when you were in trouble." Well, he explained to me that he had some other pressing things, legal matters that he couldnít change. Then he told the story which he mentions in a footnote in his book, Present at the Creation, about Truman and loyalty.
The day after, Acheson had said at a press conference, "I wonít turn my back on Alger Hiss." He wrote a letter of resignation, brought it to Truman and said, "I mean this, and youíve got to accept it." Truman got very angry with him, gave him a lecture on loyalty, and said, as he got up and walked around his desk, "As long as Iím President youíre going to be Secretary of State, and I donít want you to ever mention Alger Hiss again." He put his arm around Achesonís shoulder and said, "Donít you forget, I followed a man, a criminal, to his grave out of loyalty." And, concluded Acheson, the President never mentioned Hiss again.
JOHNSON: Yes, he went to the funeral for Pendergast.
Okay, anything else before we move on to the post-Truman part of your career?
KAISER: No, I think weíve covered quite a bit, donít you?
JOHNSON: Anything that comes up that you think is important, you can always add it.
You were apparently labor advisor to the Committee for a Free Europe in 1954. The Committee for a Free Europe, when was that established? And why was it established?
KAISER: Oh, it was established as a cold war instrument, to strengthen the anti-Communist side.
JOHNSON: A private foundation?
KAISER: Well, it had CIA money.
JOHNSON: Did it have anything to do with Radio Liberty?
KAISER: It was Radio Free Europe. That was its main activity.
JOHNSON: Howland Sargent got involved with Radio Liberty and then they merged eventually, the two, around 1970. It was divulged in 1970 apparently that CIA money had supported them.
KAISER: The main support, yes.
JOHNSON: You were involved for how long?
KAISER: For about a year.
JOHNSON: Did you have something to do with the content of the broadcasts to Europe?
KAISER: The labor content; that was the main purpose.
JOHNSON: The labor content. Did you meet Howland Sargent?
KAISER: Met him when I first came to Washington after Oxford. He offered me a job in the housing agency, which he was...
JOHNSON: You mean, in the thirties, after he came back from...
KAISER: In '39, late '39 or early '40. Then I took a job at the Federal Reserve Board. We were friends, though, down through the years.
JOHNSON: Then you were special assistant to the Governor of New York, 1955-58. Who was the Governor?
KAISER: Averell Harriman.
JOHNSON: When did you first get acquainted with Averell Harriman?
KAISER: I met Averell when I was Assistant Secretary of Labor, and he was running the Marshall plan. He was interested in meeting me and I certainly was interested in meeting him. On my way to Geneva I used to stop in Paris, and always visited with him.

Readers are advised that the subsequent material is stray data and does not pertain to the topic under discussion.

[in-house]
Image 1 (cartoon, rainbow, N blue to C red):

JOHNSON: On your way to Geneva.
KAISER: And on my way out.
JOHNSON: Did he ever give you advice, or was he in a position to be giving you any advice as far as your role as a delegate to the ILO is concerned? Did he ever take any kind of position on that?
KAISER: No, but Harriman was interested in labor. He appreciated the importance of labor's role in democratic societies. He had worked for Sidney Hillman in the early New Deal days and he had a labor advisor, Sam Berger, when he was FDR's lend-lease ambassador. When he decided to run for Governor and he knew that trade union support would be very important, he naturally cultivated his labor connections.
JOHNSON: So your role primarily was to do what?
KAISER: As Special Assistant? I handled the big new program on aging, which was very hot politically. I also was his main liaison to the trade union movement.
JOHNSON: Who were the trade union leaders then that you dealt with?
KAISER: In New York, it was David Dubinsky and Jack Potofsky, my old friends, and Alex Rose, head of the Liberal Party. Harriman was a great friend of George Harrison, and I was, so I dealt with the railway labor people, too. I kept close contact with New York State's AFL and CIO leadership.
JOHNSON: They were people you already knew. In '56 Truman came out for Harriman as a...
KAISER: He sure did.
JOHNSON: ...candidate to run for the Democratic nomination. Do you remember the details on that, or the implications or consequences of that?
KAISER: Obviously there were no practical consequences, except the personal satisfaction to Harriman. I was at the
convention. I was handling Averell's labor side at the convention. Truman's emphatic endorsement was a great moment for Averell; he asked delegates to turn away from Stevenson, but it didn't change a single delegate.
JOHNSON: Harriman was ready to run?